“Trucker Mob Who Took Over Nevada’s Brothel Row” by Ken Lanier “as told to” Martin Crawford is a goofy narrative tapping into the redneck trucking fad of the time, and is all about a mob that takes advantage of a Nevada whorehouse and the trucker who defends the whores. Even more explicit is JD O’Hare’s “special fiction” piece “The Snatch,” a short rip-off of John Fowles’s The Collector about a guy who “collects” women and keeps them handcuffed in his apartment so he can screw them when he wants. Nasty and off-putting, it suffers from an atrocious ending where the woman, after being freed, comes back because she learned to love it!

The other stories here are mostly sex research articles, from hooker interviews to informationial pieces on “orgasm extenders” and the like. Even the letters page is completely sex-focused, with guys writing in to let the editor know how their girlfriends like to screw or whatever. In a way it’s kind of sad to see what had happened to men’s magazines – the days of stories like those collected in Women With Guns were unfortunately long gone.

Monday, May 27, 2013

The Black Eagles #1: Hanoi Hellground

The Black Eagles #1: Hanoi Hellground, by John Lansing
September, 1983  Zebra Books

I used to always see copies of this long-running series on the racks of the local WaldenBooks store when I was a kid, but it looks like these days the Black Eagles series is relatively forgotten. I had a few volumes back then but never read them; the series was set during the Vietnam War, and I much preferred the “modern” men’s adventure series. However the covers were great and basically designed to capture a young boy’s attention: awesome paintings of headband-wearing skulls with weapons crossed behind them.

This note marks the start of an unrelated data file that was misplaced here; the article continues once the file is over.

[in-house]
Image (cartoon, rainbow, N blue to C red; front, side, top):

I’d read that someone named Patrick E. Andrews mostly served under the house name “John Lansing,” but Mike Madonna recently told me that this first volume was actually written by Mark Roberts. Well, I instantly had to read it. I hoped for another blast of Soldier For Hire-style patriotism and commie-bashing, and for the most part that’s exactly what I got. However the impact was dilluted over the 330+ pages of small print – I really have no idea why Zebra Books insisted on making their series novels so damn long.

The Black Eagles is the name of a CIA-backed squad of special operatives formed during some unknown part of the Vietnam War (I had a hard time figuring out when Hanoi Hellground took place). They are formed around Major Robert Falconi (don’t you love those convenient last names for protagonists?) and are made up of Americans from each branch of the US military as well as soldiers from South Vietnam and even Korea. First though a little more information on the series, courtesy Stephen Mertz:

That series was a Bill Fieldhouse operation. I don’t recall if Bill actually wrote any of the books solo but he did develop the series, and then farmed out those titles to his buddies. Lansing, by the way: my favorite of Bill’s work is a series of novellas that appeared in Mike Shayne’s Mystery Magazine from 1979-1982, about a US Army CID officer in Europe named Major Lansing. There’s 10-12 stories in that series and they’re all worth tracking down. MSMM was a digest but in reality was the last of the pulps, with a “Mike Shayne, private eye” story in every issue. It’s a place where a handful of us then new guys (me, Fieldhouse, Lansdale, Reasoner, etc) were first published regularly.